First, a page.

Hank and the Midnighters by Brian Reid

Editor Matty Byloos, Fiction, May 20th, 2015

"... the only way to get out of the maze was to keep on turning farther to the right."

igor moukhin photo nailed magazine
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This piece of fiction is an excerpt from the novel, Madonna and Buddy Holly Get Married.

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This ain’t one of them stories where the hero ends up damaged, lost, or broken. Everything works out in the end, more or less. So if you’re looking for a good cry, or want to finish a book so you can gaze into the fireplace, philosophizing over the inhumanity of man, best clear on out – this ain’t your kind of ride.

Still here? Good. Now everything I just said was truthful, even if it weren’t entirely factual. I did get a little damaged, lost, and broken, but that was mostly on the outside and I surely ain’t here to cry about it. You see, Buddy Holly and Madonna joined up in holy matrimony, I got to bury my Daddy — which gave me the comfort of knowing he was dead for sure, and I got to be a Daddy myself for a while, and who wouldn’t give up three fingers for that?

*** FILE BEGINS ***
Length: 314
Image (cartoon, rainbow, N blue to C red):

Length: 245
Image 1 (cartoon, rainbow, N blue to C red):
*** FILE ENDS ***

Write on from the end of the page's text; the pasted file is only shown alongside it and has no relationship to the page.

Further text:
Y’all read the title of the book so you’re probably thinking I’m going to start with Madonna, her being the more famous of the two, but in actuality, the story starts with Buddy, some fifty years ago. Now before we go any further I suppose I’ll have to let you in on a secret, but you got to promise not to tell.

The thing is, we — that is me and Lelei, are the proud possessors of Buddy Holly. That’s right, the Rock and Roll one. We don’t actually own him of course, that kind of thing having fallen out of fashion a century or two back, but the fact is we got him. Not all of him, just the most important part — stop what you’re thinking, it ain’t that part.